Patrick Loeber
Patrick Loeber

Patrick Loeber

Python 3.11 is out - All important features

Python 3.11 is out - All important features

Learn what's new in Python 3.11. It's can be up to 60% faster and includes several other changes.

Patrick Loeber's photo
Patrick Loeber
·Oct 25, 2022·

4 min read

Table of contents

  • Faster CPython
  • Better Error Messages
  • add_note() for Exceptions
  • Exception Groups and except*
  • Type Hints features
  • New tomllib module
  • New asyncio TaskGroup
  • New math functions
  • Conclusion

Python 3.11 is out! Learn about all important changes in this article.

You can also watch the video here:

Faster CPython

It got faster! Python 3.11 is on average 25% faster than 3.10. Depending on your workload, the speedup could be up to 10-60% faster. Learn more about the speed improvements here.

Better Error Messages

It got better error messages. The interpreter will now point to the exact expression that caused the error, instead of just the line.

Traceback (most recent call last):
  File "", line 11, in <module>
    print(manhattan_distance(p1, p2))
  File "", line 6, in manhattan_distance
    return abs(point_1.x - point_2.x) + abs(point_1.y - point_2.y)
AttributeError: 'NoneType' object has no attribute 'x'

add_note() for Exceptions

The add_note() method is added to BaseException. It lets you add additional information which then appears in the traceback.

    raise TypeError
except Exception as e:
    e.add_note("This is a note")

# ---
Traceback (most recent call last):
  File "/", line 2, in <module>
    raise TypeError
This is a note

Exception Groups and except*

ExceptionGroup and except* were added. They make it possible to group exceptions and raise them together, so you can raise and handle multiple unrelated exceptions simultaneously.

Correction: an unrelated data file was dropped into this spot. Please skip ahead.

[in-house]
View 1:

eg = ExceptionGroup(
            [TypeError(2), ValueError(3)]

    raise eg
except* ValueError as e:
    print(f"Handling ValueError: {e.exceptions}")
except* TypeError as e:
    print(f"Handling TypeError: {e.exceptions}")
except* OSError as e:
    print(f"Handling OSError: {e.exceptions}")

Type Hints features

New features related to Type Hints and the typing module were added. This includes the LiteralString, the Required and NotRequired types, and the Self type with a capital S.


The new LiteralString annotation may be used to indicate that a function parameter can be of any literal string type. Type checkers can then enforce that sensitive functions, such as those that execute SQL statements are called only with static arguments, providing protection against injection attacks.

from typing import LiteralString

def run_query(sql: LiteralString) -> None:

Required, NotRequired

Required and NotRequired provide a straightforward way to mark whether individual items in a TypedDict must be present. Those two definitions are equivalent, so in this case, title has to be defined.

from typing import TypedDict, Required, NotRequired

class Movie(TypedDict):
   title: str
   year: NotRequired[int]

m1: Movie = {"title": "Black Panther", "year": 2018}  # OK
m2: Movie = {"title": "Star Wars"}  # OK (year is not required)
m3: Movie = {"year": 2022}  # ERROR (missing required field title)

# The following definition is equivalent:

class Movie(TypedDict, total=False):
   title: Required[str]
   year: int


And the new Self annotation provides a simple and intuitive way to annotate methods that return an instance of their class. Common use cases include alternative constructors provided as classmethods, and enter methods that return self:

from typing import Self

class MyLock:
    def __enter__(self) -> Self:
        return self

class MyInt:
    def fromhex(cls, s: str) -> Self:
        return cls(int(s, 16))

New tomllib module

And a whole new module was added, the tomllib module, which adds support for parsing TOML files.

import tomllib

with open("pyproject.toml", "rb") as f:
    data = tomllib.load(f)

# Or from a string:
toml_str = """
python-version = "3.11.0"
python-implementation = "CPython"

data = tomllib.loads(toml_str)

New asyncio TaskGroup

The asyncio TaskGroup class was added, which is an asynchronous context manager holding a group of tasks that are awaited when the context manager exits. For new code this is recommended over using create_task() and gather() directly.

async def main():
    async with asyncio.TaskGroup() as tg:
        task1 = tg.create_task(some_coro(...))
        task2 = tg.create_task(another_coro(...))
    print("Both tasks have completed now.")

New math functions

The math module got 2 new cool functions:

  • math.exp2 which returns 2 raised to the power of x, and
  • math.cbrt which returns the the cube root of x.
import math

# 16.0

# 2.0


These are the most important changes. To read about all changes check out this link:

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